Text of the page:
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Rusthoi sings way back to Steamboat

Julia Ben-Asher/For Steamboat Today
Keri Rusthoi performs during the Emerald City Opera's 10th anniversary production.
10th_Anniversary_concert-_Maria_WSS

If you go:

What: Vocal recital with Keri Rusthoi, accompanied by Andie Chung and Laurie Edwards

When: 6:30 p.m. Friday, Aug. 19

Where: United Methodist Church of Steamboat Springs, Oak and Eighth streets

Cost: $20

— Keri Rusthoi has contributed to Steamboat Springs’ vibrant arts scene in a big way.

She founded Emerald City Opera in 2002, taught at Colorado Mountain College and Perry-Mansfield Performing Arts Schoo and Camp and directs the Yampa Valley Youth Choir, which recently added a section for middle-schoolers. But the soprano is currently pursuing a doctorate, which, understandably, cuts down on her local availability.

“A lot of folks in town have told me they’re disappointed that they haven’t heard me sing in a while,” Rusthoi said. “That’s one of the reasons I’m doing this concert.”

The performance, set for 6:30 p.m. Friday at the United Methodist Church of Steamboat Springs, is described by Rusthoi as a “light” version of the February show she did to fulfill an academic requirement at the University of Nevada – Las Vegas.

The selections are a combination of Spanish folk music and cabaret songs in four languages — Spanish, German, Czech and French — with program notes and translations supplied.

“The Spanish songs are very fiery and flirty, and the German songs are all about intimate, romantic love,” Rusthoi said. “It’s funny that I’m performing this in a church, because some of the Cabaret songs are a little bit seedy.”

The set list includes 20th century works by Spain’s Fernando Obradors, whose inspiration goes back to the 15th century as well as Austria’s Alban Berg, who wrote nearly 80 songs before he turned 20, Germany’s Kurt Weill, who wrote Broadway music from his exile by the Nazis, the Czech Republic’s Antonin Dvorak, who once fell in love with a piano performance pupil of his, and France’s Erik Satie, who is remembered as a joker and whose piano professor once called him “the laziest student in the Conservatoire.”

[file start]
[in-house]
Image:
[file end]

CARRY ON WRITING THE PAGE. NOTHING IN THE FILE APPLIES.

Rusthoi had previously worked on a Berg opera from the expressionist period as an undergraduate at Colorado College.

“It was so awful that I got up from class and ran out and threw up in the bathroom. It was awful. It was evil,” she recalled. “It was about really awful things.”

But last spring, during a modernism course, she explored Berg’s earlier work from the late Romantic era.

“It really turned me around. I sort of fell in love with it,” she said. “My hero is David Bowie, and he said something like, ‘If you’re not pushing the limits of your comfortability, you’re not making true art.’ He’s my muse.”

Accompanying Rusthoi will be two pianists.

Rusthoi and local Laurie Edwards have worked together in the Methodist church’s chancel choir as well as in two youth choirs.

“We’ve gotten to be a great collaborative team, musically,” Rusthoi said.

For the most complicated scores, Rusthoi imported Andie Chung, a choir teacher and accompanist from Phoenix.

“We’re sort of jumping in head-first — we won’t have had a whole lot of practice together on these pieces,” Rusthoi said. “But I trust Andie implicitly as a musician. It will be an adventure for both of us.”

The performance will be followed by a dessert reception hosted by friends of Rusthoi’s. The proceeds will go toward financing Rusthoi’s doctorate.

Rusthoi also noted the support she’s gotten from P.O.E., a philanthropic group that aims to help women pursue education, as well as the Methodist church and the local community.

“I really appreciate all of these groups encouraging me in my musical journey,” Rusthoi said. “I’m excited to continue to be part of Steamboat’s artistic scene.”


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